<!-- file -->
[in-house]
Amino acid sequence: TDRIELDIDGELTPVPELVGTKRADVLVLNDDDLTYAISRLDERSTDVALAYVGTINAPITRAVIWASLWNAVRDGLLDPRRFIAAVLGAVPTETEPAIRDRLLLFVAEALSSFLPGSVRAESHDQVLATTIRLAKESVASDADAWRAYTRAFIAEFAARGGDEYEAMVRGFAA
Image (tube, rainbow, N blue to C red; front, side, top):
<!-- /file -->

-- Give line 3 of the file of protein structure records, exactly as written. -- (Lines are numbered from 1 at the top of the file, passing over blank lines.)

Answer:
Image (tube, rainbow, N blue to C red; front, side, top):